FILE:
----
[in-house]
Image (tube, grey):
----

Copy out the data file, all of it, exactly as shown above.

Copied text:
[in-house]
Image (tube, grey):